Bloomingdale’s Pulls ‘Fake News’ T-shirt After Complaints
At a time when people can declare themselves outraged when others find even the slightest utterance, seemingly innocuous event or customary product offensive, media members tend to rally to tell of the supposed annoyance and the reactions to it. What if, however, the ones responsible for reporting the news find themselves upset with how they are depicted? In the case of Bloomingdale’s, said parties win and leave a business to apologize for reactions to a product it peddles. Due to backlash over a "Fake News" T-shirt, the New York City-headquartered department store chain has elected to remove the garment in question, with the matter drawing a mix of supportive and condemning reactions.
Love it, hate it or hold neutral feelings about it, the current presidential administration has certainly sparked intense debates about the degree of legitimacy present in news coverage. We can find ourselves wondering if someone is obscuring data to serve a purpose or if a group or an agency is presenting only one side of an issue so as to draw followers to that line of thought.
Oftentimes, we can forget to realize that representation is indeed fair and balanced, and holding true to that line of thinking led a writer in the Big Apple to tweet about her disdain for a “Fake News” T-shirt available at Bloomingdale’s. Said objection to the top is certainly par for the course in a free country, but it is tempting to analyze the swiftness with which the chain removed the item, and since, like Oscar Wilde, we can resist anything except temptation, we are going to go there.
— Allison Kaden (@akadennews) February 10, 2019
During his administration, President Donald Trump has drawn criticism for his contention that an abundance of false news exists, and that belief, like much of what the leader in chief has said since taking office in January 2017, has become a marketing opportunity. For Kaden, though, Bloomingdale’s decision to give his “Fake News” mantra a garment-centric platform “delegitimizes hard working journalists” whose efforts assist their communities.
If one were looking for a successor to his Make America Great Again hats as possible controversy causers, that person would need to look no further, as Bloomingdale’s, only a day after the writer’s rebuke, elected to rid the masses of the opportunity to buy it. Since so much of what Trump has said and done has led to easy opportunities to gauge who is for his stances and who opposes them, it should come as no surprise that Twitter users showed their feelings on Bloomingdale’s and any offended individual in earnest.
Hi, @bloomingdales. Apologizing "for any offense we may have caused" is not a sincere apology. This is not about journalists' hurt feelings. This is about damage done to our democracy when your brand joins in perpetuating and celebrating the idea of "fake news." Please try again.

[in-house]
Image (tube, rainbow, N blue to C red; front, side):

— Pamela Wood (@pwoodreporter) February 11, 2019
— lehimesa (@lehimesa) February 11, 2019
#bloomingdales I’ll take 5 of the fake news shirts, please. Don’t give into these fascists... they are just shirts.
— LibTarTar (@LibTarTar) February 12, 2019
The snowflake brigade is mad at Bloomingdales for selling a T shirt that says Fake News. You’re not going to believe this but evidently it too is a threat to democracy. If you have to silence all dissent to protect your existence, you don’t have a democracy. You’re in a cult.
— The Smirking Hillbilly (@LauraLMonroe33) February 12, 2019
Wow a major retailer caves to ONE tweet by a local TV reporter that needs to be protected from the term FakeNews. Hard working journalists shouldn’t be scared of being delegitimized, only those who spread #FakeNews pic.twitter.com/on3hwqtaM6
— Murray Anderson (@murrayanderson) February 12, 2019
This marks the second time since August that "Fake News" T-shirts have made their way into real news, so if one is to believe the thinking that things come in threes, it will be interesting to see what else might come to rile journalists who contend that the president’s comments demean their profession while simultaneously causing discord for the American people.
What should also be pretty important to notice is the reaction that a business has to the complaints. Thus far, contentions of offense have topped the ability to conduct commercial sales, thereby intensifying talks about the freedom to market whatever one wants. In other words, will companies continue to roll over when they receive gripes over hurt feelings, or will they press on with the production and presentation of whatever is on their minds to sell? Granted, there have certainly been garments that have been in poor taste, but is the repudiation of a “Fake News” shirt really something over which to alter one’s clothing offerings?